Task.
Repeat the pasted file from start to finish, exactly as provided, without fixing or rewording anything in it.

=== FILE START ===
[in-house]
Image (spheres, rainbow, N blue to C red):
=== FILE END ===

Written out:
[in-house]
Image (spheres, rainbow, N blue to C red):